More Upcountry Fun at Arte de Plumas

As predictable as sunrise, the fog filled the valleys every afternoon. You could see it coming from afar, like a cottony beast.

We spent five nights at Arte de Plumas (see our previous post), settling into a delicious routine of breakfast, birdwatching, lunch, down time, more birdwatching from the back deck as the fog rolled in, dinner, and bed. The staff was easygoing, and accommodating and the food was flush with fresh fruit and vegetables.

We walked up to the lodge and back towards town I don’t know how many times, mostly in search of the elusive Sunbittern, which we finally all saw on the road ahead of the car as we were driving away towards our next destination.

Carrie and I enjoyed two hikes up the road above the lodge and it was fun to look down upon Arte de Plumas nestled like a solitary gem in the lush forest.

Our bedrooms were airy and bright—that’s them on the right. There was a huge wooden floored, lounging room upstairs—that’s the black part of the lodge—featuring screened louvered windows above a wall of glass with a sliding door that led onto the roof. I spent a fair amount of time up there absorbing the natural light and air, answering emails and going through photos while the Oropendolas chortled outside.

We parked down below the lodge. I’m not gonna lie, it took all my strength to move my bags up towards our rooms. No matter what I pretend to be, I am not at all a youngster anymore.

As predictable as sunrise, the fog filled the valleys every afternoon. You could see it coming from afar, like a cottony beast. It reminded me of the fog rolling over the lip of San Francisco’s Candlestick Park one evening while Bob and I were perched on the other side of the stadium.

Carrie never went anywhere without her binoculars. What a good birder!

On this particular walk, we noticed a Great Kiskadee toting a wad of moss.

We followed bird’s gaze to a nearby nest. Up north, nest making is a seasonal activity, but it appears that nest building and maintenance never ceases here in the tropics.

Bob is the perfect model for the Hempsmith tie dye line, adding one more shade of green to an already dazzling spectrum of color.

Like the birds, the groundskeepers never stop putting in new plants. I watched in fascination as one of the men sunk a shovel into the earth to reveal soil as rich as coffee grounds. When I watched him grasp the handles of his wheelbarrow, I felt a longing for the garden chores awaiting me back home.

I’m not the best tourist, truth be told. We all need a purpose, and being waited on is not mine. I must have inherited this from my mother’s mother, Doris Dunton. My grandmother worked into her mid-eighties, suffered a stroke while in the service of a disabled woman, and spent the last three months of her life being cared for by family. Dependency was difficult for grandma, but my mother was thrilled for the opportunity to show her mother that she was loved, not for what she did, but for who she was.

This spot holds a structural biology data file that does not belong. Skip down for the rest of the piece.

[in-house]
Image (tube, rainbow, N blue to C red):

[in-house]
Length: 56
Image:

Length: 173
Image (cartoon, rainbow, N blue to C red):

Speaking of ceaseless activity, Andre kept the bird feeders stocked with bananas and other delights. When he wasn’t leading bird tours, Andre shopped for the lodge, or did the bookkeeping. “You’re running this place!” I said, and he smiled saying, “They do all the work,” gesturing towards Daisy and Carol. So, I thought, well, if they are the engine, then you are the soul of Arte de Plumas. You can see his photography skills and  deep love of birds on his instagram account @andrey_featherlife.

Carrie, Lyle, and Andre scouting the grounds for new birds.

All we had to do was stand on the deck and wait for the birds to come.

Or sit and relax until Andre said, “Bird.”

Silver hair has become quite fashionable. Good thing, ’cause that’s what we’ve got. I found a friend in Carrie, she was good company, a great conversationalist, insightful and kind.

Bob enjoyed practicing his Spanish with Carol. They made each other laugh.

One afternoon, Bob climbed the hill above the lodge.

This is the lodge from above. Looks like a pretty good roof.

We turned in our laundry the day before leaving for the coast. How interesting to see everything neatly drying on hangers.

Andre and the unnamed parrot with our now-folded laundry.

Bob took this picture of the powder puff plant, Calliandra haematocephala, which, sadly, is not suited to our North Carolina climate.

Everything is terraced up here on the mountain, including the graves, or more accurately, mausoleums. I took this picture on our way out of town.

And with that, our high country adventure was over. Down the winding, wet roads we drove, Bob at the wheel, headed towards Cahuita for the beachside phase of our Costa Rican experience.

By Camille Armantrout

Camille lives with her soul mate Bob in the back woods of central North Carolina where she hikes, gardens, cooks, and writes.

4 replies on “More Upcountry Fun at Arte de Plumas”

Love it! I could practically smell the place…so refreshing and clean, like nothing I’ve ever experienced in the U.S. except maybe in the depths of a NW Pacific rainforest. I’m so happy you got to see that area!

Me too. Crazy that you lived half an hour away from where we stayed upcountry, and not far from where we are headed next: Cahuita. Stay tuned for that post. I love Central America with its abundant and diverse wildlife!

Yes. The Costa Ricans, or Ticos, proved to be every bit as wonderful as I had heard from expats and friends who visited Costa Rica.

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